Whenever you call your cat, you may be wondering whether they can actually recognize their own name or not. It may seem like it, the way their little ears perk up and they come running over to you, but we cannot be entirely sure whether they understand the name that you have given to them. However, there are other times when it may seem like your cat ignores you entirely. There has been some recent research conducted that has shown that cats do indeed known their names. Of course, since accurate communication with animals is still only something you see in Dr Doolittle, we still cannot say anything with certainty! But here is a breakdown of some of the information we know so far.
What to Cats Recognize and Respond to?
It certainly seems conclusive that cats respond to human voice, and they demonstrate this through their ear and head movements. However, your tone of voice can have a big impact on whether your cat listens or not. Harmonics and pitch have been shown to have an impact on getting your kitty’s attention. It also appears that cats recognize their owner’s voice specifically. When you speak to your cat, you probably do so in a specific way. Many people use a high-pitched voice with an almost musical harmonic, and this helps your cat know that you are talking to them.
If you are struggling to get your cat to respond to their name, you could try using a system of positive reinforcement. For example, call your cat first, but if they don’t come, shake a bag of food or jangle a toy. Your kitty should soon start to make a positive association between their name and the nice thing that you are offering. And if you have adopted a cat who has already been named, you may want to keep it the same to offer a sense of consistency. Otherwise, things are likely to get a lot more confusing for your four-legged friend, and you are less likely to see positive responses when you call them.
Do Cats Respond Better to Certain Names?
Studies have shown that cats respond better to names that are shorter in length, and those that have an ‘e’ sound at the end. Whether it is ‘Tilly’ or ‘Davy’, this is the kind of name that can ring out with the musical quality that we discussed in the previous paragraph. Once you settle on a name, you should continue with it consistently as this will give your kitty the best chance of getting used to it and responding to it in the future.
Why Do Cats Ignore Us Sometimes?
The strange this is that while many cats respond a lot of the time, there are other occasions when your moggy seems to ignore you entirely. It could be that they are occupied with an otherwise more interesting task like playing or eating. Or they could actually be giving us the cold shoulder. If you have a more aggressive tone to your voice or you often yell at your cat, they are less likely to come running to you. However, if they associate their name with good things like getting some affection and getting fed, it is much more likely that you are going to be able to call your cat. If you are struggling to get your cat’s attention, this task will be made much easier if you have some cat treats or their favorite cat toy to act as a bribe!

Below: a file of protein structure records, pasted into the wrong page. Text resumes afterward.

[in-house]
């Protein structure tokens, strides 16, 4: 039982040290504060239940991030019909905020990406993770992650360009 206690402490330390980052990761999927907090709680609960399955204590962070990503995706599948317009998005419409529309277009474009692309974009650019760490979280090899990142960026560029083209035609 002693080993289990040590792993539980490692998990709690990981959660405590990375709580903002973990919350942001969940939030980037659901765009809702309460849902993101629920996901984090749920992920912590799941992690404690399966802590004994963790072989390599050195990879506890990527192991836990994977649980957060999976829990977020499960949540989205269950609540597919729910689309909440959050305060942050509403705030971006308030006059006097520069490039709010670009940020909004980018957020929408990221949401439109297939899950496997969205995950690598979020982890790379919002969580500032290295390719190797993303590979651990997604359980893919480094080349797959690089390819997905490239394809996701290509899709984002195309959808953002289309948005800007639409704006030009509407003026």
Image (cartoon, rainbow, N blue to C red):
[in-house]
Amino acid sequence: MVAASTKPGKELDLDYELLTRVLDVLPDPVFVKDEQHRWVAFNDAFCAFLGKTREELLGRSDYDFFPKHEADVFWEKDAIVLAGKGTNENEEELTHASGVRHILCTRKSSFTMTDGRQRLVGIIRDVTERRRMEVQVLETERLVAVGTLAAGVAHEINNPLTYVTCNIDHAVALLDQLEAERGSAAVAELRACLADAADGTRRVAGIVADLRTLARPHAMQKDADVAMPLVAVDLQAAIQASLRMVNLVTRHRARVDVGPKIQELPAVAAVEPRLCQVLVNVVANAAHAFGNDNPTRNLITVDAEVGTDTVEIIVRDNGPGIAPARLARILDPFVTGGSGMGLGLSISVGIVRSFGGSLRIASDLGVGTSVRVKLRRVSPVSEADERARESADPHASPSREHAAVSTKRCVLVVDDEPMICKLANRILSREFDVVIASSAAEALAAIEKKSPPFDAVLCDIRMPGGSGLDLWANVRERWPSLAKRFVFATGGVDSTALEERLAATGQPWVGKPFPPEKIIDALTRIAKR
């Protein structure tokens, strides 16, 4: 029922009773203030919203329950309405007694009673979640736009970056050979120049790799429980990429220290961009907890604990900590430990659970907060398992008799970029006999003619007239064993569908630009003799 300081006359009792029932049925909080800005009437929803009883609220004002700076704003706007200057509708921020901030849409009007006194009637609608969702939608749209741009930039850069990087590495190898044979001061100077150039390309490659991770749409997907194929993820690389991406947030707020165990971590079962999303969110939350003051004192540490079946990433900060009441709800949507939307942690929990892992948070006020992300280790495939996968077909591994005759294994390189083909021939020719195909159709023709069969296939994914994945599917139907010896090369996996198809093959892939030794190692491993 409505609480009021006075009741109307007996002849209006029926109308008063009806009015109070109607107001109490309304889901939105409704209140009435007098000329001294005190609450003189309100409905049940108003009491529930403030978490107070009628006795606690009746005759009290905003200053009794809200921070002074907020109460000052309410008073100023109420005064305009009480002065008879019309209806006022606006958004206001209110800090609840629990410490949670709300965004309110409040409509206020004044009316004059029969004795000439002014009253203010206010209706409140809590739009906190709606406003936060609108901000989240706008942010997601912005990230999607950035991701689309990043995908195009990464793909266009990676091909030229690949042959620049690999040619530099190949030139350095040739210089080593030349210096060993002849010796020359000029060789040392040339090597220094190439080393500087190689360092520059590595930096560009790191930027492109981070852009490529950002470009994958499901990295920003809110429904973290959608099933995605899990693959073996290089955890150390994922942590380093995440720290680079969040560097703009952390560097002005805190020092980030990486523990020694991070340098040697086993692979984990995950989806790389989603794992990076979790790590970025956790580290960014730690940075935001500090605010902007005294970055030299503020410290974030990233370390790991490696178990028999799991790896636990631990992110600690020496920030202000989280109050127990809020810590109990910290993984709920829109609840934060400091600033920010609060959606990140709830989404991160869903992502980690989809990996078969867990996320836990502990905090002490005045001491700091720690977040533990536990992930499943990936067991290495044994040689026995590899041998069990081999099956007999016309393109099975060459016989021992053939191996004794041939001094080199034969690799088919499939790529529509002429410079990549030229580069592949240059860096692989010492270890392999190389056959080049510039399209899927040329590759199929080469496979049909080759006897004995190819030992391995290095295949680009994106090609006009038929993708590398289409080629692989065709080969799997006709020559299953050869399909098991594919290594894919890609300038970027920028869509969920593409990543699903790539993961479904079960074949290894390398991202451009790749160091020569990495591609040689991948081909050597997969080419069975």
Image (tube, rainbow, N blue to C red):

Why Are Dogs Better at Responding Than Cats?
Dogs are born with an inbuilt advantage that makes it easier for them to be trained in voice commands. Over three years, people have bred dogs to be responsive and obedient towards humans, but the same cannot be said of cats, who have essentially domesticated themselves when humans worked out that they would be useful in catching mice and rats around settlements. Not only this, but domesticated dogs have been around for thousands of years more than cats! And we have worked out tried and tested methods of training dogs, which begins with ensuring that they respond to their names. They are also more responsive to treats. But this doesn’t mean that cats won’t become more responsive in the future.
Can Cats Learn Their Name?
One of the biggest factors that determines whether or not your cat will respond to your voice is how hungry they are. If your cat is in need of food, it is much more likely that they will have their ears pricked up listening to you. Use food as a reward but bear in mind that if you do it too much, your cat will always think that they are about to be fed when you call their name. If you decide to adopt a kitten, it is important that you start voice training them from a young age. Young cats have an early human association period that can begin as early as 17 days into their life. You need to get your cat used to being touched, as well as the sound of your voice, showing them that there is nothing to fear.
We cannot be entirely certain whether or not cats respond to their names, but they do seem to be able to recognize the voice of their owner. Also, the use of a specific pitch and singsong quality to your voice can help them to understand that you are speaking to them. The use of food is good in reinforcing the sound of their name as well. As cats continue to become closer and closer to humans, there is every chance that they will develop their skills in being able to read and respond to our body language and voices. So, the cats of the future may end up being much more trainable like dogs, and isn’t this something that every feline lover would like to see?
You may also like our article on: Can Cats Count?
- Ken Lambrecht, DVM, Do Cats Know Their Names?, PetMD
- Dr. Sarah Wooten DVM, Why Don’t Cats Come When Called?, VetStreet